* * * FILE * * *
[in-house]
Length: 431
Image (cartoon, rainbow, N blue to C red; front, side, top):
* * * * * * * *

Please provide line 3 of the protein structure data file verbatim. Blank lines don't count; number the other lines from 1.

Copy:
Image (cartoon, rainbow, N blue to C red; front, side, top):